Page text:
Mechanical force augments the anti-osteoclastogenic potential of human gingival fibroblastsin vitro

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Abstract

Background and Objective:

The cellular response of human gingival fibroblasts to a mechanical force is considered to be primarily anti-osteoclastic because they produce relatively high levels of osteoprotegerin. However, there is little information available on the effects of compression force on the production of osteoprotegerin and osteoclastic differentiation by these cells. In this study, we examined how mechanical force affects the nature of human gingival fibroblasts to produce osteoprotegerin and inhibit osteoclastogenesis.

Material and Methods:

Human gingival fibroblasts were exposed to mechanical force by centrifugation for 90 min at a magnitude of approximately 50 g/cm2. The levels of osteoprotegerin, receptor activator of nuclear factor-κB ligand (RANKL), interleukin-1β and tumor necrosis factor-α were measured at various time-points after applying the force. The effect of the centrifugal force on the formation of osteoclast-like cells was also determined using a co-culture system of human gingival fibroblasts and bone marrow cells.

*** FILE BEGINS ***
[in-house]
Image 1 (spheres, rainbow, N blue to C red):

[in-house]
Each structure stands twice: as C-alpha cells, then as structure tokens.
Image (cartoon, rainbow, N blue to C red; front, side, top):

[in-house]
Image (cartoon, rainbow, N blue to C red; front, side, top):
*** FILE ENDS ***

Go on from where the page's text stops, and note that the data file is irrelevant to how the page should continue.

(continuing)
Results:

Centrifugal force stimulated the expression of osteoprotegerin, RANKL, interleukin-1β and tumor necrosis factor-α by the cells, and produced a relatively high osteoprotegerin to RANKL ratio at the protein level. Both interleukin-1β and tumor necrosis factor-α accelerated the force-induced production of osteoprotegerin, which was inhibited significantly by the addition of anti-(interleukin-1β) immunoglobulin Ig isotype; IgG (rabbit polyclonal). However, the addition of anti-(tumor necrosis factor-α) immunoglobulin Ig isotype; IgG1 (mouse monoclonal) had no effect. Centrifugal force also had an inhibitory effect on osteoclast formation.

Conclusion:

Application of centrifugal force to human gingival fibroblasts accelerates osteoprotegerin production by these cells, which stimulates the potential of human gingival fibroblasts to suppress osteoclastogenesis. Overall, human gingival fibroblasts might have natural defensive mechanisms to inhibit bone resorption induced by a mechanical stress.

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